Nonetheless, Bradford’s beginning to the League One season has been a promising one, and certainly enough to suggest a top-six spot at least will be theirs come May.
A positive point for Charlton at Oxford in midweek, but supporters were left somewhat frustrated that it wasn’t more.
For the Addicks, and not for the first time this season, failed to make the most of a position of dominance. In total control, and having created enough chances to be further ahead, prior to conceding an equaliser with 35 minutes played. The U’s, who looked completely out of it up until that point, subsequently invited back into the game, and threatened to steal victory as much as the visitors did thereafter.
The inability of Robinson’s men to take their chances, and subsequently prevent opposition from sneaking back into games, is ultimately going to grow from frustrating to costly if it’s not addressed. But the overall performance at the Kassam, in what became a highly competitive game, was an excellent one. At no point did Charlton settle for the point they ultimately gained, with attacking intensity displayed throughout the 90 minutes.
And with a largely positive performance and point coming on the back of two victories – a hard-fought win over Doncaster Rovers and a sublime mauling of Fleetwood Town – there is certainly much improvement on the sluggish efforts in the four winless games that preceded.
It would just, you know, be a bit less stressful if we showed a bit more potency.
Bradford will be without former Addick Adam Chicksen after the left-back injured a thigh in the latter stages of his side’s draw with Oldham in midweek.
Chicksen, a steady performer in a Charlton shirt, has been a regular for the Bantams during this campaign, making a positive impression at Valley Parade. On loan Brentford left-back Tom Field the favourite to replace him in the starting XI.
And McCall will also have to make do without influential captain Romain Vincelot, after the midfielder received his fifth yellow card of the campaign on Tuesday. Arguably a much greater loss to Bradford, given his importance in the centre. Dieng, scorer at The Valley in March, in line to come into for his fellow Frenchman.
Elsewhere, defender Tony McMahon remains absent with a hamstring injury that is expected to keep him out for the best part of a month.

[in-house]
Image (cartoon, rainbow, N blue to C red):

Charlton will remain without Mark Marshall after it was confirmed the former Bradford winger’s thigh niggle is worse than first feared.
Originally, it was expected that Marshall, whose debut for the Addicks was delayed until the trip to Fleetwood Town by a knee injury sustained in pre-season, would only miss last weekend’s win over Doncaster Rovers. But having sat out the draw with Oxford, he’s highly unlikely to add to his single Charlton appearance at his former home. A return after that, however, is expected soon enough.
Robinson will also remain without long-term absentee Jason Pearce, who continues to recover from a knee injury, Lewis Page, who is likely to be someway off match fitness despite appearing for the U23s in the week having recovered from a serious ankle injury, and Harry Lennon, who is approaching a year since his last appearance as a result of hamstring and groin issues.
But Charlton’s boss will persevere with Josh Magennis, despite himself accepting that his main centre-forward is in desperate need of a rest. The Northern Ireland international, as key a figure for Michal O’Neill’s side as he is Robinson’s, has had a demanding start to the season, and continues to look exhausted beyond the hour mark. But with a lack of alternatives available, and the Addicks facing a tough test, Magennis must continue to find energy from somewhere.
KEY BATTLE – FOSU’S FORM CONTINUING
A sixth goal in four games for Tariqe Fosu on Tuesday night, as he rounded Oxford goalkeeper Simon Eastwood before finishing coolly, and there no question that Charlton’s recent improvement in both performances and form owes a great deal to the 21-year-old winger.
In each of those four games, the summer signing from Reading has given the Addicks the lead, and that provides a clear indication of the sort of impact he’s been having. Creating moments when nothing seemed to be on, leading Charlton’s attacking efforts, and most importantly scoring goals that change the context of a game. His hat-trick at Fleetwood Town marvellous, but his other strikes and performance showing a man full of confidence.
And it definitely a case that his performances have been as important as his goals. A persistent threat regardless of which winger he’s attacking, with full-backs being forced onto the back foot. An increase in attack intent from the Addicks in recent weeks coinciding with Fosu finding some form, and as such the side able to attack with genuine threat on a consistent basis.
There are, of course, other threats in this Charlton side. Not least Ricky Holmes, who remains the most influential on the Addicks’ chances of victory irrespective of Fosu’s form. But having a threat from either flank of similar quality has given Robinson’s men much greater strength going forward, even if they’re not always making the most of it.
That a particular concern for Bradford, who will face Fosu without either of their first-choice full-backs. Possibly some at Valley Parade who believe they’re getting something of a reprieve with no Marshall to torment them, but that is far from the truth.
The Bantams have attacking threats of their own, and Charlton’s weak finishing in midweek means their strength going forward needs to be taken with a pinch of salt, but there every reason for Fosu to make the difference in a tight encounter.
Visions of wastefulness from Tuesday night remain. But coming out of this week alive would be excellent, and set a handy platform. Bradford City 1-1 Charlton Athletic